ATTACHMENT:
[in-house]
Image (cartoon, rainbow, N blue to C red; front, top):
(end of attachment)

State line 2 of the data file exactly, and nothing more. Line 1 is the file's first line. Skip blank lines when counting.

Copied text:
Image (cartoon, rainbow, N blue to C red; front, top):